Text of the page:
Healthcare Price Transparency: A Look at Aetna’s Web-Based Tool


Illustration source: Vermont Health Connect,

Would you look at comparative price information for procedures like an MRI, sleep study, or colonoscopy before you selected where to have a procedure done? Would you like to have fewer surprises on what you will pay before you go in for these procedures? Price transparency in health care has been a rallying cry, from many policymakers, elected officials, and journalists. It’s one strategy among many that many back as a way to get health care spending down and also offer consumers choice.

Many view healthcare as a market that can bring costs down when competition and comparison-shopping are in play. Others want transparent prices so consumers face no surprises before getting an astronomical bill. In both examples, the onus is on the public to choose wisely and economically.

In today’s post, I review a study of Aetna’s price transparency tool for outpatient procedures, including radiology, sleep, and cataract surgery reported in the Oct. 24 JAMA Internal Medicine led by Anna D. Sinaiko, PhD, MPP, from the Department of Health Policy and Management at Harvard University’s T.H. Chan School of Public Health. This study was slated to appear here earlier, but the election madness delayed it.

Aetna’s Member Payment Estimator for Eight Elective Procedures

Aetna developed a web-based Member Payment Estimator with the idea that patients would select care based on cost to them. It shared the tool with 94% of Aetna enrollees across the United States, but in this study, it reports just a 3.5% pick-up in using the tool. 

In the study, researchers used administrative enrollment and medical claims data to review whether enrollees aged 19 to 64 who underwent one of eight different procedures reviewed price comparison data provided by episode. The eight procedures in the study were carpal tunnel release, cataract removal, colonoscopy, echocardiogram, mammogram, several MRI and computed tomography procedures, sleep studies, and upper endoscopy procedures during the period 2010 to 2012.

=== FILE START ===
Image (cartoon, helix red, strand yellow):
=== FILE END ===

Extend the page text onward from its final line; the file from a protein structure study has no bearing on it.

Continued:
“The way the web-based tool works is it adjudicates claims as if you are having the procedure in real time, factoring in your specific health insurance information (e.g. deductible, copays, age and gender), so that you can see your out-of-pocket costs at ten facilities in your geographic area of residence,” said Dr. Sinaiko, in an interview with PatientPOV. “This reflects the patient’s price information in advance of receiving care.” Results were only examined within geographic areas, not across those areas.”

How Aetna’s Member Payment Estimator Was Used

Besides finding that use was just 3.5% overall, these findings are interesting:

  • Of those who did review prices prior to selecting where to get their procedure, this group did choose facilities with lower relative price estimates, in the 46th percentile in the market versus the 54th percentile in comparison groups.
  • Of the eight procedures, MRIs, CT scans, and sleep studies were the only procedures where searching price information was associated with lower spending of $131.40 (12%) (P<.001) for imaging and $103.50 (6%) (P=0.06) for sleep studies.
  • In a related paper that Dr. Sinaiko published in Health Affairs, she reported that younger patients and those with high deductibles were the most likely users of the search tool.

Dr. Sinaiko acknowledged that sharing cost information with the public is new and that “efforts to engage patients are a work in progress.” What she recommends is “more targeted outreach at the time when the decision on where to go for care is most salient.” Web-based tools like Aetna’s are likely only to be of interest for certain elective procedures and not for emergent or urgent medical problems, she added.